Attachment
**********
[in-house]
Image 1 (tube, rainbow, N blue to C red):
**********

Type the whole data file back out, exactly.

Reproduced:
[in-house]
Image 1 (tube, rainbow, N blue to C red):